The fourth piece of bad news is year 2000 bugs imbedded as date functions in
chips. About 50 billion chips that aren't in computers, and 3 to 5% are
affected. Say 1.5 to 2.5 billion chips--hard to identify--imbedded in
electrical power grids, power stations, phone lines, nuke plants, oil
pipelines, train tracking systems, subways and subway cars, new models of
cars, chemical plants, nuclear tipped missiles, elevators, medical equipment,
etc. The infrastructure that is the lifeblood of all advanced and some
developing countries. This has the potential to make most cities look like

The fifth and worst piece of bad news is the "network" effects of this and
they're awful. My first reaction was "oh, shit!" Like everyone else, I
hadn't been paying close enough attention.

Network effects are what happens even if you have year 2000 compliant
programs/pcs, because you're part of a network, where if some parts fail,
there's no way out, and no way to buffer or isolate yourself. The good parts
crash along with the buggy ones. Like a car is 90% finished, but key
components don't show up, so it's unusable. Try this: phone networks go down,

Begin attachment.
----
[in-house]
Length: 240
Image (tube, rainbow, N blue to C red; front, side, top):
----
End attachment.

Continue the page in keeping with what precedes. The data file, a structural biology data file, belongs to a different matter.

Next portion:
electrical networks and power plants go down, your bank goes down, along with
all its ATMs, and all international finance, trade, payments, phone traffic,
inventory shipping all go down, air traffic control systems go down, stock
markets stop dead. We're in a time of "just in time" deliveries not only to
factories but to grocery stores (which run out of food every 27 hours).
People starve, freeze, can't go anywhere, or run out of gas if they do. Riots
in the streets. It has more potential to make most cities look like Beirut.

Don't take my word for it. Read the dozens (hundreds if you've got the
stomach) of articles at the following sites: (Doug Carmichael's personal website, click at the "y2k"
link to get a slug of articles: read the one by Frautschi on Embedded
Systems, and the Doug's scenario "Year 2000: who will do what and when will
they do it? Towards actions
" For all the current
articles read and also ((These guys sound extreme only because they've
been at it for years and have watched a once-fixable problem pass beyond the
date of fixability.)) There's a helpful not-technical book by Yourden called
*Time Bomb 2000* that spells it all out. He is a top DEC systems guy. The
computer section of your bookstore will have a half dozen 'what to do' books
that will convince you of its reality. I used to have a software company
1970-72 so I can verify the above are true.

You and I may have wanted for the big corporations and governments to be cut
down to size, or have less power. We're going to get our wish. I for one am
not so happy about it. I've been in a kind of grief reaction all week. I
have nowhere to run and hide. My business, and I suspect yours too,